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From Jonathan Hurley <>
Subject Re: Changing the Alert Definitions
Date Wed, 06 Apr 2016 14:33:36 GMT
Alerts are automatically distributed to all hosts which match their service and component.
So, if you created your alert definition with HDFS and NameNode, then Ambari will automatically
push this alert definition to any host that's running NameNode. The host will begin running
the alert automatically. There's really nothing that you need to do here; the alert framework
handles everything for you.

On Apr 6, 2016, at 9:35 AM, Henning Kropp <<>>

Actually I added a alert definition (via REST), but it does not have any Service/Host attached,
so I was wondering how are hosts "attached" to an alert defintion?

It's an alert for HDFS, NAMENODE, so the definition on POST contained the component and service
attributes, which would be enough information to distribute the alert on the corresponding

Sorry for the confusion. In my search for an answer I came accross the host-only alerts and
thought it was related.

Thanks again for your help.


Am 06/04/16 um 15:26 schrieb Jonathan Hurley:
I think what you're asking about is a concept known as host-level alerts. These are alerts
which are not scoped by any particular hadoop service. A good example of this is the disk
usage alert. It's bound only to a host and will be distributed and run regardless of what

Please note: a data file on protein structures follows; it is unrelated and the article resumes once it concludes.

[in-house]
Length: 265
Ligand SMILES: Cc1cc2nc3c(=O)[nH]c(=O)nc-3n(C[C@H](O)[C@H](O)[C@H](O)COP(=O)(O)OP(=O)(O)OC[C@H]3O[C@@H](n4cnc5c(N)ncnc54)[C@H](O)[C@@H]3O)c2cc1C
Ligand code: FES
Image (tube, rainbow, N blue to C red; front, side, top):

components are installed on that host.

There are two ways to add a host alert:
1) Edit the alerts.json under /var/lib/ambari-server/resources and add your new alert to the
"AMBARI_AGENT" component.
2) Use the REST APIs to create your new alert. The service should be "AMBARI" and the component
should be "AMBARI_AGENT".

You can use the current agent alert (disk usage) as an example:

On Apr 6, 2016, at 8:56 AM, Henning Kropp <<><>>

How can an alert be added to a host?

Am 05/04/16 um 18:41 schrieb Henning Kropp:
Worked now. Thanks.

Am 05/04/16 um 18:01 schrieb Jonathan Hurley:
The alerts.json file is only to pickup brand new alerts that are not currently defined in
the system. It's more of a way to quickly seed Ambari with a default set of alerts. If the
alert has already been created, any updates for that alert made in alerts.json will not be
brought in. You'll need to use the REST APIs to update existing definitions.

You are correct that the agents run the alerts. The definitions.json file on each agent shows
what alerts it is trying to run.

On Apr 5, 2016, at 11:46 AM, Henning Kropp <<><>>


I am currently trying to change the alert definitions. I used the REST api to put a new definition
for example for id /30 . I can see the changes when doing a GET.

Additionaly I replaced the alert.json of the service under ambari-server and ambari-agent.
Still the changes are not reflected in /var/lib/ambari-agent/cache/alerts/definition.json
and I suspect the alert is not working as expected because of this.

As I undestand the defintions are broadcasted with heartbeats by the server? And are executed
on the host by the agent, where the service is running? Right?

What am I missing?


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